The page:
Trump ally Clark attempted 'coup' at US Justice Dept, ethics counsel says

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By Andrew Goudsward

WASHINGTON (Reuters) -Jeffrey Clark, a former senior official in the U.S. Justice Department, made false claims as he attempted to enlist the agency in former President Donald Trump's efforts to undo his 2020 election loss, a Washington ethics lawyer said on Tuesday.

Clark is facing a disciplinary hearing which could see him lose his license to practice law. Trump tried to put Clark in charge of the Justice Department in his administration's final days as Clark sought to pursue the former president's false claims of widespread voter fraud.

"What Mr. Clark was attempting to do was essentially a coup at the Department of Justice," Hamilton "Phil" Fox, the District of Columbia Bar disciplinary counsel said in his opening argument.

Harry MacDougald, a lawyer representing Clark, denied that Clark had violated attorney ethics rules. He said Clark was engaged in "internal debate and disagreement" within the department about the impact of voter fraud on the election.

"Mr. Clark should not be here for giving his candid opinion and independent judgment," MacDougald said.

Clark, who served as acting head of the Justice Department's civil division under Trump, faces a multi-day hearing on ethics charges that accuse him of attempting to take actions "involving dishonesty" and that "would seriously interfere with the administration of justice."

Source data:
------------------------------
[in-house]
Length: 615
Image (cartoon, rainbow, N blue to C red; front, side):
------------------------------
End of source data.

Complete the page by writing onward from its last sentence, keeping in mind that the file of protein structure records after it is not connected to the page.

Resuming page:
Clark sought to send a letter to Georgia officials in December 2020 falsely claiming that the Justice Department had "identified significant concerns" that may have led to Trump's loss in that state, according to ethics charges filed in 2022.

The hearing is being held by a three-member committee of the Board on Professional Responsibility, an arm of the District of Columbia Court of Appeals. If it finds that Clark violated ethics rules, it could recommend that his license be suspended or revoked. The full board would take up such a recommendation, with final action in the hands of the appeals court.

The D.C. Office of Disciplinary Counsel, which investigates lawyers accused of violating legal ethics rules, brought the case against Clark.

Trump is the Republican candidate challenging Democratic President Joe Biden in the Nov. 5 U.S. election. Trump faces criminal charges in state court in Georgia and federal court in Washington over his attempts to overturn his 2020 loss to Biden.

Clark is one of Trump's co-defendants in the Georgia case and has pleaded not guilty. Clark is listed as an "unindicted co-conspirator" in the federal case. The ethics panel is expected to delve into incidents relevant to those cases.

Justice Department leaders found no evidence of widespread voter fraud and refused to send Clark's proposed letter. Trump backed off his plan to name Clark as acting attorney general after department leaders and top White House lawyers threatened to resign in protest.

Two of Clark's Justice Department superiors - former acting Attorney General Jeffrey Rosen and former acting Deputy Attorney General Richard Donoghue, have cooperated with the ethics probe and are expected to testify during the hearing.

Republican congressman Matt Gaetz, an outspoken Trump ally, and former Trump White House Chief of Staff Mark Meadows may testify on Clark's behalf, his lawyers said.

(Reporting by Andrew Goudsward; editing by Will Dunham, Andy Sullivan and Marguerita Choy)